The battle lines between microblogging platform Twitter and the government of India have been years in the making, and 2020 was a tipping point of sorts. On the one hand, the number of requests from the Indian government to Twitter to share user information or remove content grew at an unprecedented rate in the second half of 2020. On the other hand, the share of instances in which Twitter took some action on such requests plunged to an all-time low, shows data released by the microblogging platform last week.

Twitter released this data as part of its transparency report for the second half of 2020 (July to December). Like Twitter, Facebook and Google also put out bi-annual transparency reports. However, unlike Twitter, their reports for the second half of 2020, released earlier this year, don’t show spikes in requests from the Indian government of the kind that Twitter has seen, though their user base is higher.

In 2020, India led all governments in information requests to Twitter. In 2019, it was ranked third. Between the second half of 2019 and of 2020, Twitter saw a spike of about 4-fold in information requests from the Indian government—nearly three times the world increase. Meanwhile, Facebook and Google reported incremental India numbers that were more in line with global trends.

The Indian government has been feuding with Twitter on the principles and boundaries of arbitrating content, and on having a formal mechanism to deal with requests. In the second half of 2020, there were 15 countries that made 50 or more information requests to Twitter. The share of requests from the Indian government on which Twitter took some action was 1%—the lowest among this set.

Outlier Twitter

Twitter’s ‘compliance rate’ (the term platforms use for action taken on a request) has been consistently falling in India. Between 2013 and 2020, amid a rising count of information requests from the Indian government, the percentage of requests for which Twitter shared some information fell from 32% to 1%. By comparison, Facebook, which receives about 10 times more information requests than Twitter in India, has maintained a compliance rate of 45-55% in the country. Google’s compliance rate has been similar to Facebook, 45-65%.

Globally, Twitter’s compliance rate has reduced from 55% in the first half of 2013 to 30% in the second half of 2020. For both Facebook and Twitter, their highest compliance rate in information requests was in the US, their home country: 89% and 60%, respectively.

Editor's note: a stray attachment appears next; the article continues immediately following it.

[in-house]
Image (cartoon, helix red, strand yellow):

Mounting Requests

The decline in compliance rates of Twitter has been accompanied by a surge in requests from the Indian government. Between 2013 and 2019, the rise was steady. But in 2020, a year that saw the covid-19 pandemic cause great devastation, the number of requests from the Indian government to Twitter shot up. This was the case in both categories: to share information and to remove content.

In recent months, one flashpoint between Twitter and the Indian government has been the appointment of a compliance officer, as part of the new IT rules. Last month, after missing multiple deadlines and receiving a notice from the Indian government, Twitter appointed an interim chief compliance officer. It is currently on the lookout for a permanent hire. Facebook named a grievance officer very close to the government deadline of 2 June.

Pulls and Pressures

In terms of global rank, India has gone from being ranked third in 2019 to first in 2020 in information requests to Twitter, and from fifth to third in content removal requests. Between the second half of 2019 and 2020, India’s share in information requests to Twitter from governments worldwide increased from 9% to 25%. Similarly, in content removal requests, it increased from 3% to 18%.

Meanwhile, the company’s troubles with Indian authorities have mounted. Last month, Twitter India and its personnel were named in two cases in Uttar Pradesh, one related to an incorrect map of India and another over tweets by users related to the assault of a Muslim man. At the same time, there’s a new IT minister at the helm, raising expectations of a reset in the relationship between the social media firm and the government. How Twitter deals with government requests could well shape this relationship in the months ahead.

( is a database and search engine for public data)

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